Engine oil consumption is a problem nobody wants. Most new engines today use less than half a quart of oil in 3,000 to 5,000 miles. Some use almost no oil. But as the miles accumulate, wear and oil consumption naturally go up.
Using a quart of oil every 1,000 to 1,500 miles is not unusual for a high mileage engine. The amount of oil used is still acceptable, but by the time it reaches a quart of more in 500 miles it's using a LOT of oil. Blue smoke in the exhaust is a classic sign that an engine is burning too much oil.
Should you be concerned? It depends on your budget, the value of your vehicle, if you can afford to rebuild or replace the engine, and whether the oil consumption is causing other problems.
An engine that burns oil will usually foul the spark plugs. That, in turn will cause ignition misfire, higher emissions and likely damage the catalytic converter. Also, an engine that is burning oil usually won't pass an emissions test because of elevated hydrocarbon (HC) emissions.
High 0il consumption due to burning will also sho9rten the service life of the oxygen sensors and catalytic converter, even with today's low zinc-phosphorus motor oils. Phosphorus will contaminate these parts and cause the O2 sensors and/or converter to fail.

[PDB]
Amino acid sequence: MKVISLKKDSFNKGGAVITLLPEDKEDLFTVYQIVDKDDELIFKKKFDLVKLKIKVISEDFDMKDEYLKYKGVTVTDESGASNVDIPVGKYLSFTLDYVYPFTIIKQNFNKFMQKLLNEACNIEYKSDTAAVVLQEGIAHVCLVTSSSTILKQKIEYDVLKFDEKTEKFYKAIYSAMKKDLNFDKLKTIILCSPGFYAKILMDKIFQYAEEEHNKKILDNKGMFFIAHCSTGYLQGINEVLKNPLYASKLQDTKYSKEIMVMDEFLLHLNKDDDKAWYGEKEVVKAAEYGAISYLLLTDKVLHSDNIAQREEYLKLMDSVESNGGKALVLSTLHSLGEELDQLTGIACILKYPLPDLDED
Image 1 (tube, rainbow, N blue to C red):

If an engine is using oil because of leaks (valve cover gaskets, oil pan gasket, crankshaft end seals, etc.), the problem can be fixed by simply replacing the leaky gaskets. But if the oil consumption is internal, major engine repairs may be required to fix the problem.
Oil consumption depends primarily on two things: the valve guides and piston rings. If the valve guides are worn, or if there's too much clearance between the valve stems and guides, or if the valve guide seals are worn, cracked, missing, broken or improperly installed, the engine will suck oil down the guides and into the cylinders. The engine may still have good compression, but will use a lot of oil.
Worn valve guides can usually be restored a number of different ways. One popular method machine shops use is to ream out the guides and install thin bronze or cast iron guide liners. Knurling is another procedure that can reduce valve guide clearances. With aluminum heads, the original guides can be driven out and replaced with new ones. With cast iron heads, the guides can be reamed out to accept new valves with oversized stems.
If the oil burning is due to worn or broken rings, or wear in the cylinders, the engine will have low compression. The only cure here is to bore or hone the cylinders and replace the worn or broken piston rings